Sunday November 26, 2017
How visiting every country on Earth made this Canadian feel like a stranger at home
more stories from this episode
- Meet the cattle rancher who stopped killing his cows ‒ to the annoyance of his neighbours
- How it feels to be a gun lover in Canada
- Grief, autonomy and belonging in Canada
- Feeling like a stranger in Canada as a second generation Chinese-Canadian
- Mi'kmaq communities divided over federal government's Qalipu band membership decisions
- How visiting every country on Earth made this Canadian feel like a stranger at home
- 'We're just short': It's not the average-sized world, it's other people who can make a person feel small
- Full Episode
Mike Spencer Bown has been travelling almost non-stop for the past 26 years.
He has visited very single country in the world and written about his travels in his new book, 'The World's Most Travelled Man.'
"I was really interested in reality...I'd see a new kind of palm tree and I'd be really fascinated by it...I was always looking for what was different or changing, especially in the environment around me, like the natural environment and then later it shifted toward people."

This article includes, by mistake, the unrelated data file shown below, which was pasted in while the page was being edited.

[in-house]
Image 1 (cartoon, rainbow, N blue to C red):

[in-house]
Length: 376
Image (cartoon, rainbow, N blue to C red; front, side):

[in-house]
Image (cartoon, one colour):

As a modern day nomad-of-sorts, it's Canadian society that seems foreign to him now.
"Canadians, I did notice, they have dark circles under their eyes and they're always tired and kind of distracted...I guess they fill their days with so many activities. Where as a lot of the time in village life you have a lot more time to lounge around and especially to interact with freinds."
For Mike, Canada feels like home when he's around his family, but he isn't necessarily tied to any place in particular, and especially not to his birthplace.
"I think I'm in a state now where the whole world is really what interests me," he says. "Wherever I hang my backpack...it feels like home to me."